Treausre hunt

The silver glints in the ti-tree. A clue is wrapped in foil, peeled from the lining of the cigarette pack and rolled into balls. The clue says, look behind the beach hut. The rosaries clack as sister strides through the yard. The bell swings with her right arm. A boy’s hands are full of paper. Ten paces from the chapel a blue cape. On Sunday afternoon we play monopoly. I land on community chest. That’s Victor’s dog, Dad says. A Jack Russell explores the walkers and wheels. When I was a boy, Dad tells me, I made treasure hunts for the other children. What was the treasure? I ask. There was never any treasure. Sister Gertrude sees his cuffs are frayed, the singlet and shirt tucked into his shorts, his socks pulled up in shoes he gives a lick and polish at the gate. Five boys and a girl gather. Once upon a time, Joe says, there was a rider on the moor and mist hung all around. A bird called out a single note and nettles stung. The bell. Dad lies in bed. The TV shows an old war movie. We used to watch Saturday matinees, I say. Hmpph, says he. Forgive me, she says, as she bustles past in the corridor tight with dinner carts and walkers. She’s a nice one, Dad says, likes my little funnies. Dining, Dad sips chardonnay. We’ll get there, he says. Joe writes on the back of an old composition. At lunch, a horse whinnies on the moor. Water pools in the asphalt and the shoes. Joe, Joe, a boy yells, I found a clue: under our lady’s toe, the crushed head of the snake. I got it Joe. I got it! How many clues are there? I can’t wait to see the treasure. A personal attendant admires the picture on his wall: beach huts in a yellow light. I painted that, Dad says, forty years ago. For an hour today, he tells me, they left me in the corridor. I used to be top of my class, Jim says. Jim’s lost it, says Dad. The virgin’s foot covers a clue. The wattle’s gold hides another. We’ll get there, Joe tells the children who eat clues for lunch. His mother leaves the church with mop and broom. Sister Gertrude drops a few coins in her hand. A grey shawl hangs on the moor all day. I might be a modern-day Dickens, he writes. Under the crocheted rug at the foot of the bed, the gap for a toe is a word that just escaped him. We’ll get there, Dad says. Small fingers wrap clues in silver foil.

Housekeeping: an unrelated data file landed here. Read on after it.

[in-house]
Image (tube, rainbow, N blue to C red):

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Anne Elvey’s most recent chapbook is Bent toward the thing (Seaford, 2012). She was shortlisted for the Peter Porter Poetry Prize 2012 and the Newcastle Poetry Prize 2011 and was a recipient of a Writers Victoria Writing@Rosebank Fellowship 2011.

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